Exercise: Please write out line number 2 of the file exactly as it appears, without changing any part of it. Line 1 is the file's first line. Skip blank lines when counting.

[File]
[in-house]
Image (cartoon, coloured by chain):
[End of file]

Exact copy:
Image (cartoon, coloured by chain):